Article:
- Continued to take personal inventory and when we were wrong promptly admitted it.
- Sought through prayer and meditation to improve our conscious contact with God, as we understood Him, praying only for knowledge of His will for us and the power to carry that out.
- Having had a spiritual awakening as the result of these Steps, we tried to carry this message to alcoholics, and to practice these principles in all our affairs.
Copyright ã1952, 1953, 1981 by Alcoholics Anonymous Publishing (now known as Alcoholics Anonymous World Services, Inc.)
All rights reserved.
Alcoholics Anonymous is the go-to default recommendation for any client with a drinking problem, but it doesn’t fit the personality and needs of some people. They don’t like the helplessness built into the steps, or the God reference, for just two of the complaints. So over time other groups developed. In Oakland a group started called LifeRing. Others are called SMART Recovery, SOS (which either stands for Secular Organization for Sobriety or Save Our Selves, depending on who you ask), Women for Sobriety is the name of a group, and Moderation Management is yet another. I will ask you for the name of at least one alternative to AA on your final exam so choose one of them whose name you like and remember it.
Why would one of your clients go to one of these non-AA groups? They are secular, they don’t talk about a power greater than themselves, instead they focus on what they can do to empower themselves to overcome their addiction. They believe the group will change over time and that changing with the times is a good thing. They are willing to add techniques and theories as they develop through research rather than be tied to the protocols of their association’s founders. And they reject having to assign themselves the definition of addict for the rest of their lives. As you will experience when you go to an AA and Narcotics Anonymous meeting each person will introduce him or herself as an addict.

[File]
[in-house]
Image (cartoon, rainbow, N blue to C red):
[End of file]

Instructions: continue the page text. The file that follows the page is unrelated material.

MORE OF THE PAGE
There is a second kind of non-AA group that is similar to AA but serves an even more spiritually focused group. JACS stands for Jewish Alcoholics, Chemically Dependent Persons, and Significant Others. Calix Society is for Catholics in recovery. You can use one of these in your exam question too. At the bottom of the slide is a link to an excellent description of each of these different alternative groups.